- From Michael Dougherty's Music Log

More than four decades have passed since Alvin Lee stood front and center at the famed Woodstock festival with his band Ten Years After and told half million or so fans, “I’m Going Home . . . by helicopter.”

Forty-three years later, Alvin Lee hasn’t arrived at his destination yet, as the title of his new solo album, Still on the Road to Freedom, available August 27, 2012 on Rainman Records, will attest. “I don’t think I ever will,” he laughs.

Recorded at Space Studios 3 in Spain, Still on the Road to Freedom finds Lee returning to his original inspirations. Longtime band members bassist Pete Pritchard and drummer Richard Newman, along with keyboardist Tim Hinkley, join Lee in a musical travelogue that is a tribute to the roots music that first influenced him.

“I got my start in music listening to my dad’s jazz and blues 78s when I was eight years old,” says Lee, who continues to follow his inspirations. “It’s about the freedom to make music of my own choice without worrying about what other people thought or expected,” he writes in the album’s liner notes.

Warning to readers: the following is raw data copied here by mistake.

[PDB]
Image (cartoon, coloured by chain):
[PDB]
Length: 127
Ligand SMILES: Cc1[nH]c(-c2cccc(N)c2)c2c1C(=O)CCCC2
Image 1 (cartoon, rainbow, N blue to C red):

Still on the Road to Freedom nods to country-blues, embodied by Alvin’s gutbucket harp on “Save My Stuff” (“I was a big fan of Big Bill Broonzy, Sonny Terry and Brownie McGhee”) and the delta stomp “Blues Got Me So Bad” (“My blues name is Deaf Lemon Lee”). He evokes Johnny Cash in the stark acoustic “Walk On, Walk Tall,” perfects the sensuous slow blues of J.J. Cale in “Nice and Easy,” and strums south-of-the-border Mexicali rhythms in the instrumental “Song of the Red Rock Mountain,” a song he made up on the spot while testing a microphone and wasn’t able to improve.

Lee continues to explore that creative freedom with the tribal African drums of “Listen to Your Radio Station,” which includes a sample loop from the late Ian Wallace, the gospel organ of “Midnight Creeper” and the surprising funk of the rousing “Rock You.”

The album also features “Love Like a Man 2,” a remake of the song on the band’s 1970 album Cricklewood Green, inspired, according to Lee, by New Orleans R&B player Smiley Lewis’ “I Hear You Knocking,” with a nod towards seminal influence Chuck Berry.

Asked how he’d describe himself, Lee pauses: “A musician . . . who leans towards blues, but likes rock and roll, country, funk, jazz — anything with a guitar in it.

After all these years, Alvin Lee’s still going home.

From All About Jazz -